Spaceflight Insider

Four ways to start learning about rocket science

A Minotaur IV rocket launches. Photo Credit: Orbital ATK

Photo Credit: Orbital ATK

Marveling at the launch of a rocket lifting off from a launch pad can have you pondering how brilliant the inventors of these rockets must be. The old saying “Hey, it isn’t rocket science…” comes to mind when trying to gauge the complexity of the entire process of designing and building a successful rocket from scratch as well as using a combination of some of the most advanced forms of math and science. However, anyone with a decent IQ and the willingness to learn could potentially become a rocket scientist, or at least learn enough to understand how it works. Here are 4 ways the average person can quickly start learning about rocket science:

1. Pursue an Engineering Degree

Although the internet hosts plenty of free educational resources, some of which we’ll mention below, the best way to learn rocket science is to take the official approach that a rocket scientist would take en route to starting their career. That would typically involve earning an aerospace engineering degree, but it may start with learning another form of engineering or courses in relevant branches of math and science such as physics, chemistry, and calculus. For example, someone pursuing an online civil engineering degree would be in an ideal position to add aerospace engineering to their list of educational credentials. Plus, civil engineers frequently participate in the conception, design, and construction of aerospace facilities and related infrastructure. Thus, enrolling in an online MCE program is one of many potential first steps to getting involved in rocket science.

2. Read Books

Any time you’re studying a topic as advanced as rocket science, it should go without saying that intensive reading will be added to your list of things to do. This might seem like an obvious and worthless recommendation, but it should be noted that Elon Musk apparently taught himself rocket science using only textbooks and mentorship. However, he also previously completed the first step mentioned above, earning a bachelor’s of physics and economics from the University of Pennsylvania. You can easily find a list of the best books on rocket science, and after you’ve read them, you’ll know more about rocket science than most people on the planet.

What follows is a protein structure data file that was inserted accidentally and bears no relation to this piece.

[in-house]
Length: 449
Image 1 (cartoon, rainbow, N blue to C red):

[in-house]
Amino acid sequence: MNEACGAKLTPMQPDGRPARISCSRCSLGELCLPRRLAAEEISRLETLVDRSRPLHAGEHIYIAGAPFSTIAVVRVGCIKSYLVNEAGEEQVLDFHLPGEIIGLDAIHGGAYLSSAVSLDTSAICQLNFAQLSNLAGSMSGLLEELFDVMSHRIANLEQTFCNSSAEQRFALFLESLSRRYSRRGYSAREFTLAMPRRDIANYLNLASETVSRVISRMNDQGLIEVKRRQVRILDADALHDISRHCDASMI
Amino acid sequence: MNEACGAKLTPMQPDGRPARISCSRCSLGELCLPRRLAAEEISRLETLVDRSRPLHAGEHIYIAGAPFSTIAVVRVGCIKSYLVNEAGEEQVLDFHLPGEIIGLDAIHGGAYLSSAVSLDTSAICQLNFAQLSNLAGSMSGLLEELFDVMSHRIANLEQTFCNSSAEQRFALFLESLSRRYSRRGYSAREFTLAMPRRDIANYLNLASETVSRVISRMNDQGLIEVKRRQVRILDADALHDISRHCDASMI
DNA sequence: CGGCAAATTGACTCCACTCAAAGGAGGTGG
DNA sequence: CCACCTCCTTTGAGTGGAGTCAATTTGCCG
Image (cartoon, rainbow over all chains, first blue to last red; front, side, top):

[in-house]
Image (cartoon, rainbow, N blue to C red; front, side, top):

3. Watch Videos

Believe it or not, sites like YouTube are actually excellent educational resources, even for learning topics as complicated rocket science.  Although you’d still need to do some math and reading to actually apply any of the knowledge used in the videos, simply watching a clip is a fast and easy introductory step that anyone can take in their spare time.

4. Take Quizzes

There’s a reason why schools and universities administer tests on a regular basis – it enhances your ability to retain the information you’re learning. Using an online quiz generator to create quick quizzes is a great way to make sure you’re holding yourself to a standard. Check out this list of the top 18 quiz makers for teachers if you’re planning on self-teaching.

Try Some DIY Mini Rocket Building

Finally, once you’ve invested enough time and effort into the educational process, you could even build yourself a DIY mini rocket setup using one of the many guides found online. Of course, you don’t want to do anything too big or hazardous, but building a small and simple rocket can be a fun learning experience for the novice aspiring rocket scientist. 


The preceding is a guest post and should not be construed as expressing the views of SpaceFlight Insider




James Daniels is a freelance writer, business enthusiast, a bit of a tech buff, and an overall geek. He is also an avid reader, who can while away hours reading and knowing about the latest gadgets and tech, whilst offering views and opinions on these topics.

Reader Comments

#5 Play Kerbal Space Program!

For me science is all about reaching the space.

I was wondering if the earth was going to end would we all kids like me and others wold we be prepared and go up to space or just get up there all ready. I believe that if we would use more fuel and more space and more training and use more supplies ware we would land at mars what would we do and how .

By the way I am a teen I am 14 and I want to work for NASA

I am now 15 years old,I am very interested to become a rocket scientist and I want to work in ISRO and NASA I am very interested, I can’t wait, I want to know about all what they do in space center.

such a great information

I Want To Learn Rocket Science

⚠ Commenting Rules

Post Comment

Your email address will not be published. Required fields are marked *